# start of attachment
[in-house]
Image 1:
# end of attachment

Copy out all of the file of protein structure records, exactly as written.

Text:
[in-house]
Image 1: